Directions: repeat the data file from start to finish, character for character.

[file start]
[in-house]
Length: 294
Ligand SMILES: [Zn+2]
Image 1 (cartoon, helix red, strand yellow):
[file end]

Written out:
[in-house]
Length: 294
Ligand SMILES: [Zn+2]
Image 1 (cartoon, helix red, strand yellow):